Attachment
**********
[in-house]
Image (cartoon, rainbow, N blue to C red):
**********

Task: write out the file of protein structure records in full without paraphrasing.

[in-house]
Image (cartoon, rainbow, N blue to C red):